The impact of herpes zoster and post-herpetic neuralgia on quality-of-life
1 9 Ridgeway Road, Long Ashton, Bristol BS41 9EX, UK
2 INSERM U987, Hôpital Ambroise Paré, APHP, F-92100 Boulogne-Billancourt, France
3 61 Plough Lane, Wokingham, Berkshire, RG40 1RQ, UK
4 Université Paris Diderot, Département Histoire et Philosophie des sciences, Bâtiment les Grands Moulins - Case 7019, 75205 Paris cedex 13, France
5 Durham Veterans Administration, Medical Center (VAMC), Division of Geriatrics, DUMC 3469, Durham, NC 27710, USA
6 Klinikum Ernst von Bergmann, Gastroenterology and Infectious Diseases, Charlottenstr. 72, 14467 Potsdam, Germany
BMC Medicine 2010, 8:37 doi:10.1186/1741-7015-8-37Published: 21 June 2010
The potentially serious nature of herpes zoster (HZ) and the long-term complication post-herpetic neuralgia (PHN) are often underestimated. One in four people will contract herpes zoster in their lifetime, with this risk rising markedly after the age of 50 years, and affecting one in two in elderly individuals. Pain is the predominant symptom in all phases of HZ disease, being reported by up to 90% of patients. In the acute phase, pain is usually moderate or severe, with patients ranking HZ pain as more intense than post-surgical or labour pains. Up to 20% of patients with HZ develop PHN, which is moderate-to-severe chronic pain persisting for months or years after the acute phase. We review the available data on the effect of HZ and PHN on patients' quality-of-life.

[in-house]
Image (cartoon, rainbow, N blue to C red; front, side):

Findings show that HZ, and particularly PHN, have a major impact on patients' lives across all four health domains - physical, psychological, functional and social. There is a clear correlation between increasing severity of pain and greater interference with daily activities. Non-pain complications such as HZ ophthalmicus can increase the risk of permanent physical impairment. Some elderly individuals may experience a permanent loss of independence after an acute episode of HZ. Current challenges in the management of HZ and PHN are highlighted, including the difficulty in administering antiviral agents before pain becomes established and the limited efficacy of pain treatments in many patients. We discuss the clinical rationale for the HZ vaccine and evidence demonstrating that the vaccine reduces the burden of the disease. The Shingles Prevention Study, conducted among >38,000 people aged ≥60 years old, showed that the HZ vaccine significantly reduces the burden of illness and the incidence of both HZ and PHN. In the entire study population, zoster vaccination reduced the severity of interference of HZ and PHN with activities of daily living by two-thirds, as measured by two questionnaires specific to HZ.
A vaccination scheme may positively impact the incidence and course of HZ disease, thereby improving patients' quality-of-life.